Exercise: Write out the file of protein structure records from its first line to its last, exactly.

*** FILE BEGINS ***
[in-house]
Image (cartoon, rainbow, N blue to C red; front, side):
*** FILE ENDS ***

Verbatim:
[in-house]
Image (cartoon, rainbow, N blue to C red; front, side):